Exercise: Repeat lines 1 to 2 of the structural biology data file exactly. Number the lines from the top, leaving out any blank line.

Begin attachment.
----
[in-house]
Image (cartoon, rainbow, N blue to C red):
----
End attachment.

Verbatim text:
[in-house]
Image (cartoon, rainbow, N blue to C red):